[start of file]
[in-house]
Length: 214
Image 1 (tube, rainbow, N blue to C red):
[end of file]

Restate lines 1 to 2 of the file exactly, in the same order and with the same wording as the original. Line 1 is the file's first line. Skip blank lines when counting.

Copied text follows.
[in-house]
Length: 214